Yuri Loginov

Most observers of CIA counterintelligence say the case of Yuri Loginov shows Angleton at his self-deluded worst. 50 Loginov, a KGB illegal working in South Africa, allegedly was "thrown back" to the Soviets to certain death in a convoluted scenario arranged by Angleton, who believed he was "dirty" because (a suspected mole -- MWT) Richard Kovich had recruited him. An Agency review in 1979 determined that Loginov was genuine and his information valid. (My hero Tennent H. Bagley disagrees.  See my comments, below.) However, Gordievsky, who defected to the West in 1985, has said that Loginov was still alive then, and that the Soviets did not believe he had ever worked for the CIA but discharged him because his cover was blown. 5  There is a third possibility: Loginov was at first a genuine CIA source that the KGB uncovered and then doubled against the Agency. Angleton found out and "burned" him. Until the full record is known, this theory is as plausible as the others; as for now, even Mangold concedes that "there is more evidence to suggest [Loginov] is alive than dead."52


My comments (concentrating on the above-mentioned "illegal," Yuri Loginov and a fake source by the name of Cherepanov) to follow after a short break ... 

--  MWT   ;)

« Last Edit: November 18, 2019, 10:15:36 PM by Thomas Graves »

Online Thomas Graves

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This is some of what Tennent H. Bagley says about Yuri Loginov and Cherpanov in his book Spy Wars:

On 4 November 1963— after Nosenko had told CIA about the power of KGB surveillance in Moscow and how that surveillance had discovered CIA’s contact with Pyotr Popov— another Moscow source chimed in to confirm the story.

A KGB retiree named Aleksandr Cherepanov handed a newspaper-wrapped bundle of papers to an American visitor to his office at the book concern, International Book (Mezhdunarodnaya Kniga), asking him to pass it to the American Embassy. Opened there, it disgorged a stack of reports and drafts from inside the KGB.

The top American diplomats’ reaction was astonishment— and dismay. Fearing a KGB provocation, they decided that the papers were too hot to handle, so they ordered that they be turned over to the Soviet Foreign Ministry. CIA’s Moscow representative Paul Garbler tried unsuccessfully to prevent it but managed to have the documents photographed before they were taken away.

When the photos arrived in Langley, we recognized the handwritten and typed KGB drafts as having originated, about four years earlier, in the American Embassy section of the KGB’s Second Chief Directorate— where our new source Nosenko, still in place in Moscow, had worked.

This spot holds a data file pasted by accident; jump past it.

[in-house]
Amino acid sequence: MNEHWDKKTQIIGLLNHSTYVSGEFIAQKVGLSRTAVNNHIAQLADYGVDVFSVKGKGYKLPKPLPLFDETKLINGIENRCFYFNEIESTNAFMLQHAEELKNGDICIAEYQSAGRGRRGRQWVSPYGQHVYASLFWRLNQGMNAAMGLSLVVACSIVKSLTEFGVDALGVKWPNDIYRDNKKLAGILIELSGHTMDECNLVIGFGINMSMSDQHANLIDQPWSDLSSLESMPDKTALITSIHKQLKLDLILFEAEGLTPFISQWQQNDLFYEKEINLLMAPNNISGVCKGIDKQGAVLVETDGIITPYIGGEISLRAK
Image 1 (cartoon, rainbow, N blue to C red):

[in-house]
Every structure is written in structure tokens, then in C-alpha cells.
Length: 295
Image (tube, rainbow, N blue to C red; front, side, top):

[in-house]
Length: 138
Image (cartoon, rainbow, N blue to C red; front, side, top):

The Embassy’s pusillanimous and pointless act robbed American intelligence of a rare opportunity. These papers were outdated but their source had obviously been in the KGB and was willing to cooperate with us. Now, before we could even contact him, Cherepanov would have been identified and arrested.

Our examination of the documents, however, raised more questions than despair.

Until two years ago, when Golitsyn had told CIA of the organization and activities of the KGB’s Second Chief Directorate— handling counterintelligence inside the USSR— the West had gleaned only fragmentary information about it from its victims, refugees, and informants, but had never had a source from inside. Now in rapid succession we had Nosenko and Krotkov (who duped Bruce Solie into believing Nosenko was a true defector) and Cherepanov. Krotkov had just reported on the same
French operation as had Nosenko. Cherepanov and Nosenko had worked in the same section, reported on the same time period, told about KGB observation of the same American officials, and volunteered information about the same KGB surveillance techniques.

And these “Cherepanov papers,” as we came to call them, told the same story of how the KGB caught Popov: a routine street surveillance in January 1959 had chanced to see George Winters posting a letter to Popov. In fact, Popov was the focus of Cherepanov’s packet. No fewer than half its documents dealt with him, with his Moscow contact Russell Langelle, and with the letter mailer George Winters. They included 1) a summary of the KGB’s arrest of Popov and his use as a double agent against Langelle, 2) a
short handwritten note stating explicitly— in case the first document had not made the point clearly enough— that Popov had been caught by surveillance of Winters, and 3) a bundle of surveillance and operational reports on Winters, dating from the summer of 1959. These were the only raw surveillance reports among the Cherepanov papers and somehow— I thought strangely— they did not include the allegedly fatal January observation of his letter mailing. But they made the point: that Winters was routinely tailed. Nosenko on his return to Geneva told of the incident (as already mentioned). “Everyone was amazed when they saw the papers the Americans had turned over. We had no trouble finding out who had sent them. It was a guy who had worked under me in the American Department, Cherepanov. As they were closing in on him he got wind of the suspicions and ran away before they could arrest him. We launched a nationwide search for him. I was sent out on the search myself.’’

"How come you got involved?’’

"Someone near Gorky had reported seeing a person they thought might be Cherepanov. I could identify him because he had worked for me in the American Department, so Gribanov sent me there.”

"Look,” he said, taking a small sheet of paper from his pocket and laying it in front of us. “Here’s the authorization for my trip.” It was the original of an official KGB travel authorization for Lieutenant Colonel Nosenko’s travel to Gorky Oblast, signed by Second Chief Directorate chief Oleg Gribanov and duly marked with certifications of his arrivals in Gorky and Shakhuniye on 16 and 17 December 1963.